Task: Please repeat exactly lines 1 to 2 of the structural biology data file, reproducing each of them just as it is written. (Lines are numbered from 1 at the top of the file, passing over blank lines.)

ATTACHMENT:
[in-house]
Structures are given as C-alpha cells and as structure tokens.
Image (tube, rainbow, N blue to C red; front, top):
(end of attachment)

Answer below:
[in-house]
Structures are given as C-alpha cells and as structure tokens.